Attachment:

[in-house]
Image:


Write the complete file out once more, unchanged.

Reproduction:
[in-house]
Image: